Turkish Referendum – April 2, 2017

Perspective with Alison Smith

Turkish Referendum – April 2, 2017

Turkey: with presidential powers on the rise, is democracy on the decline?

Alison speaks to New York Times journalist Patrick Kingsley from Istanbul about the current situation on the ground in Turkey.

Also, Karabekir Akkoyunlu, a Turkish academic from Graz, Austria, talks about the crackdown on academic freedom in Turkey following last year’s coup attempt.

Emma Sinclair-Webb, Turkey director for Human Rights Watch, discusses the need for the international community to talk to Turkey about protecting human rights and democracy.

Alison talks to Chris Kilford, fellow at the Queen’s Centre for International and Defence Policy, about what role the Canadian government could play in improving human rights concerns in Turkey and the situation in the larger region.

Mahir Zeynalov, a journalist formally based in Turkey, discusses the crackdown on press freedoms in the country following last year’s attempted military coup.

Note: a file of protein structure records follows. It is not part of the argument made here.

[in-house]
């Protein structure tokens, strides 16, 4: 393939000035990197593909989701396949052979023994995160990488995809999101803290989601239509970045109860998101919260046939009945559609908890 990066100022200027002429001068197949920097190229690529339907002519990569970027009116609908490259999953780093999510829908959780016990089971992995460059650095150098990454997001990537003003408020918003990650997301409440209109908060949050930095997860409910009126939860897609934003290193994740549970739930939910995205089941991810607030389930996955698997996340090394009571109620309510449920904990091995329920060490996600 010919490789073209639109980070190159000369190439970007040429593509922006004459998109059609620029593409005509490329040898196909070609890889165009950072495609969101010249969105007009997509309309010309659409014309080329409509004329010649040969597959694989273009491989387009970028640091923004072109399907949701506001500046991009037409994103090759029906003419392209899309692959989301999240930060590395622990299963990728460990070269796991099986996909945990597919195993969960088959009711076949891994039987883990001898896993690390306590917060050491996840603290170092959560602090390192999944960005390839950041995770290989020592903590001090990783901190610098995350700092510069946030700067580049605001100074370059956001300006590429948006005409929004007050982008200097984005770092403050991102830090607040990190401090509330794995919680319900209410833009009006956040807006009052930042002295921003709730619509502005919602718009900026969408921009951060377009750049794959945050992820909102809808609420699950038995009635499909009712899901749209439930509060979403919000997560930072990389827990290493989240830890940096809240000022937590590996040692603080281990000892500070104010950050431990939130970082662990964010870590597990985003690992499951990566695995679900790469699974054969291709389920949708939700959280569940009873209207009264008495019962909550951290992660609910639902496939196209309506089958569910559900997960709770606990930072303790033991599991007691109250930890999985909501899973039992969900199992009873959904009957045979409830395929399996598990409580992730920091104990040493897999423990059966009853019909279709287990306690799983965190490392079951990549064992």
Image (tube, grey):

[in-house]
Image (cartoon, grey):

Alison Smith

Alison Smith

Alison Smith is one of Canada’s best known and respected broadcast journalists. As an anchor and reporter for more than three decades, she was a senior award-winning member of the CBC News team. She has reported from every Canadian province and territory and across the globe.

She has hosted a wide range of network TV and radio news programs including The National, CBC News Morning and CBC Radio’s The World at Six. As a live news anchor, reporter and foreign correspondent, some of the stories she has covered include the September 11th attacks, the death of Princess Diana, elections in Israel, South Africa and Mexico and as Washington correspondent, she covered the historic election of US President Barack Obama.

She is a multiple Gemini nominee and has won international recognition for her work including a Gracie Award from the Alliance for Women in Media, a Friendship Award from South African Women for Women, and was named a Woman of Achievement by Hadassah-WIZO Canada. She was educated at the University of British Columbia and Ryerson University. She is also the recipient of an Honorary Doctor of Laws from Okanagan University College (now UBC Okanagan).